In various embodiments, a consent receipt management system is configured to generate a consent receipt for a data subject that links to (e.g., in computer memory) metadata identifying a particular purpose of the collection and/or processing of personal data that the data subject consented to, a capture point of the consent (e.g., a copy of the web form or other mechanism through which the data subject provided consent, and other data associated with one or more ways in which the data subject granted consent). In particular embodiments, the system may be configured to analyze data related to consent data received from one or more particular capture points. The one or more capture points may include, for example, a webform, an e-mail inbox, website, mobile application, or any other suitable capture point.

In particular embodiments, the system is configured to automatically collect a change in capture rate for a particular capture point. In various embodiments, the system is configured to store time and frequency data for consents received via a particular capture pint (e.g., consent collection point). The system may, for example, monitor a rate of consent received via a particular webform on a company web site.

In various embodiments, the system is configured to analyze data for a particular capture point to identify a change in consent capture rate from the capture point. The system may, for example, be configured to automatically detect that the system has stopped receiving consent records from a particular capture point. In such embodiments, the system may be configured to generate an alert, and transmit the alert to any suitable individual (e.g., privacy team member, IT department member, etc.) regarding the capture point. The system may, for example, enable an entity to identify one or more capture points that may have become non-functional (e.g., as a result of one or more changes to the capture point). For example, in response to determining that a capture point that typically generates few thousand consent records per day suddenly stops generating any, the system may be configured to: (1) determine that there is an issue with the capture point; and (2) generate and/or transmit an alert identifying the problematic capture point. The alert may include an alert that the system may be capturing data that does not have an associated consent. In various embodiments, the system may be configured to perform an updated risk analysis for one or more processing activities that are associated with the capture point in response to determining that the capture point is not properly capturing required consent.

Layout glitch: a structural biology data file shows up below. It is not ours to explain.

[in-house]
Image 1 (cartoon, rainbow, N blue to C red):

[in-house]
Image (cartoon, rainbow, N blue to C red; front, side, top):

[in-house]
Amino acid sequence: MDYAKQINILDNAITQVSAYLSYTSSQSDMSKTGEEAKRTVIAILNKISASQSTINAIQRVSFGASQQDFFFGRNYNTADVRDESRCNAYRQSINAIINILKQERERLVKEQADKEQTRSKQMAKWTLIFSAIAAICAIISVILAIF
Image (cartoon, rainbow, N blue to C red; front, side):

Example User Interface Monitoring System Architecture

FIG. 80 is a block diagram of a User Interface Monitoring System 8000 according to a particular embodiment. In various embodiments, the User Interface Monitoring System 8000 is configured to interface with a Consent Receipt Management System in order to, for example: (1) monitor previously provided consent by one or more data subjects that may be subject to future expiration; (2) monitor a data subject's activity to anticipate the data subject attempting an activity that may require a level of consent (e.g., for the processing of particular data subject data) that is higher than the system has received; and/or (3) identify other changes in circumstances or triggering events for a data subject that may warrant a refresh or recapture (e.g., or attempted capture) of a particular required consent (e.g., required to enable an entity to properly or legally execute a transaction with a data subject). The system may then be configured to automatically trigger a refresh of a previously provided consent, or trigger a recapture (e.g., and/or recapture attempt) of an expired or previously unprovided consent.

As may be understood from FIG. 80, the User Interface Monitoring System 8000 includes one or more computer networks 8015, a Consent Receipt Management Server 8010, a User Interface Monitoring Server 8020 (e.g., which may be configured to analyze data related to consent data received from one or more particular capture points), One or More Third Party Servers 8030, one or more databases 8040 (e.g., which may be used to store any suitable data described herein), and one or more remote computing devices 8050 (e.g., a desktop computer, laptop computer, tablet computer, etc.). In particular embodiments, the one or more computer networks 8015 facilitate communication between the Consent Receipt Management Server 8010, the User Interface Monitoring Server 8020, the One or More Third Party Servers 8030, one or more databases 8040, and one or more remote computing devices 8050.